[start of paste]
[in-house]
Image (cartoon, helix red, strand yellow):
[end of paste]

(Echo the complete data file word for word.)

[in-house]
Image (cartoon, helix red, strand yellow):